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New online grain trading platform

Ag Exchange Group wants to match up farmers with grain buyers more efficiently

Developers of a new online grain trading system are hoping the technology will simplify the buying and selling of grains, and help expand export markets in the process.

A desire to help growers focus their time more effectively and do a better job of bringing buyers and sellers together led Ag Exchange Group Inc. of Saskatoon to build their new marketing platform.

“Grain marketing in general continues to be a challenge for growers, and the interaction between buyers and growers is antiquated,” explains CEO Lyle Ehrmantraut, who presented the system at the Agri Innovation Forum in Winnipeg in November. “Growers have told us that they can spend up to 70 to 80 per cent of their time on the phone trying to market their grain, and buyers have limited knowledge of on-farm grain inventories.”

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The AgEx system is GIS-based. Once a grower signs up for the service (membership costs $1,500 per year), the company will map all of their land, including locations for their grain and chemical storage units, and document grain inventory on the farm. Not only is AgEx a marketing tool, it will also serve as an on-farm inventory management system.

Buyers who become members can search the database for the exact specifications of the quality and quantity of grain they are looking for. When they find a match, they can easily upload a contract with their terms and conditions. That contract is then sent electronically to the grower for review and, hopefully, acceptance.

“For growers, the biggest benefit is exposure to new buyers and having the opportunity to sell their grain at the best possible price,” says Ehrmantraut. “For buyers, we’re reducing their acquisition risk and giving them a clear understanding of what is available, in what quantities and at what grade.”

The current process of the actual buying and selling of grain isn’t changing, he adds, but they’re making it easier and more efficient for buyers and sellers to find each other.

Growers who don’t have the particular product a buyer is looking for won’t show up in the buyer’s search results, for example, and won’t be contacted about commodities that they do not have available.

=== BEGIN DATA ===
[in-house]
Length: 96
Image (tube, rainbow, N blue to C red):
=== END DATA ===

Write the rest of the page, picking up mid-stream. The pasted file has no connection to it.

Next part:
Buyers meeting sellers

Ehrmantraut is happy with the response they’ve received from the industry so far, and says AgEx is the only grain marketing platform that also works directly with major grain buyers which will help Canadian growers to ultimately take advantage of more export market opportunities.

His long-term vision is to get growers a better price and help streamline the grain industry through the three Ms: manage (understand what is in stock), market (market to as many new buyers as possible), and move (get grain to market).

“We grow the best crops and we’re not out there like we should be. We have to make Canada a more viable market, so we have to share information with buyers to help reduce their risk when pursuing international opportunities,” he says, adding that they only deal with buyers recognized by the Canadian Grain Commission so there is no risk to farmers.

To date, a few hundred growers have already joined, and the system is expected to represent five to six million acres in 2016, as well as more than 120 buyer locations in Western Canada.

An added bonus is a free safety program AgEx is offering. If registered growers give permission, the company will share information from their database with first responders in an emergency so that people and properties can be found more readily.

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Lilian Shaer is a professional farm and food writer based in Guelph, Ontario. Follow her blog at

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